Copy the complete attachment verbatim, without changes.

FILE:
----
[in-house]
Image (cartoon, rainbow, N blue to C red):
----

[in-house]
Image (cartoon, rainbow, N blue to C red):